How do you attract younger audiences? Theater won’t thrive without them. Turtle Lane Playhouse is one theater doing something about the “aging audience” problem. Their production of RENT brought in twenty- and thirty-somethings and this weekend and next (through Jan. 29th) TLP is hosting a YOUNG ACTORS’ WINTER FESTIVAL to showcase talented high school (and younger) performers.
Most of the plays are the ten minute variety by local (adult) playwrights, with live music nestled in between. The comedies fare best with Sean Clarke’s Double Date, George Sauer’s League of the Unexpected and Maggie Bandur’s Tea & Sorcery leading the pack. (The serious plays seem to rely on lurid headlines for their subject matter, I’m afraid.)
Clarke’s hip send-up of multiple personality phenomenon stars a dynamo named Gillian Gordon as the fractured femme who’s dating Paul Kmiec and Patrick Maloney at the very same time…on the same date! Kmiec and Maloney also play the non-conformists in Sauer’s cheeky League, giving shock and awe new meaning. (James Tallach directed both plays and a few more…in addition to co-founding the event with Regina Ramsey and acting the villain in Ramsey’s In the Woods.)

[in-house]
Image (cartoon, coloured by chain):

Lisa Burdick gets astonishing performances from her very young actors in Bandur’s clever Tea & Sorcery. Madeline Rocklin, Rosa Stern Pait and Elizabeth Wu are middle school students whose tea party held us in thrall, spellbound! (My fears about the future of theater were quelled by these three pros.)
Maggie Whitlock sang and accompanied herself on guitar between the plays in Program I, introducing her winsome original song, “I Found You.” Then she and Paul Kmiec collaborated on the “Moonbeam” song from the movie ONCE. Whitlock has an easy style and a lovely, plaintive quality to her voice, especially evident in sad laments like “Cover It Up.”
In Program II, Chris Bailly manned the keyboard for a medley of smart original songs by Janine deSouza, sung by Jackie Theoharis (who also plays Cinderella in Teresa Fisher’s Sweet Dreams). Theoharis delivers deSouza’s post-feminist “No More,” her catchy “Just a Kid (in the big city)” and ends the program with her rousing anthem, “The Truth Will Prevail.”